China suspends purchases from US farmers as trade war heats up – Washington Examiner
Beijing’s Commerce Ministry announced Monday that it had stopped buying U.S. agricultural goods in retaliation for the Trump administration’s decision last week to enact new tariffs on $300 billion worth of Chinese goods.
The cut-off in farm goods purchases escalates the trade war between the countries following talks last week that produced little progress.
“Related Chinese companies have suspended purchases of U.S. agricultural products,” China’s Ministry of Commerce said in a posting online. It said the suspension would continue until the United States creates the “necessary conditions” for cooperation between the nations. The Dow fell by more than 850 points on Monday’s news.
The announcement is a blow to the U.S. farm industry, which previously counted China as one of its top buyers. Farmers have watched the purchases dwindle as the Beijing and the Trump administration have fought. Overall, China has purchased a little more than 14 million tons of U.S. soybeans over the last year, the lowest level in 11 years. Beijing bought 33 million tons in 2017.
“Farm Bureau economists tell us exports to China were down by $1.3 billion during the first half of the year. Now, we stand to lose all of what was a $9.1 billion market in 2018, which was down sharply from the $19.5 billion U.S. farmers exported to China in 2017,” said American Farm Bureau Federation president Zippy Duvall.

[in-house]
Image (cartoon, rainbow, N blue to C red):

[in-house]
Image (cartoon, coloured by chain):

The administration said in May that it would make $14.5 billion in ‘direct payments’ to farmers this year and another $1.4 billion to purchase surplus agricultural commodities in order to compensate for Chinese trade retaliation. It was the second aid package the Trump administration had given to farmers, having authorized $12 billion in assistance last year, also to make up for disruptions caused by trade fights with China and others. Payments are made to farmers who apply for relief through the USDA’s Market Facilitation Program.
Duvall said the aid would help, but urged the administration to resume talks with Beijing. “We urge negotiators to redouble their efforts to arrive at an agreement, and quickly. Exports ensure farmers will continue to supply safe, healthful and affordable food for families here and around the world.”
President Trump announced last week that the U.S. would place 10% tariffs on $300 billion worth of Chinese goods, then said the rate could go as high as as 25%. “China agreed to buy agricultural product from the U.S. in large quantities, but did not do so,” he said.
Prior to Beijing’s announcement, Trump launched another round of Twitter attacks on Beijing. He repeated earlier claims that China was manipulating its currency and that the trade war was benefiting the U.S. “Based on the historic currency manipulation by China, it is now even more obvious to everyone that Americans are not paying for the Tariffs – they are being paid for compliments of China, and the U.S. is taking in tens of Billions of Dollars!” he said.
China’s state broadcaster had previously said on Monday that it was “groundless” for Trump to accuse China of failing to honor commitments to buy U.S. farm goods.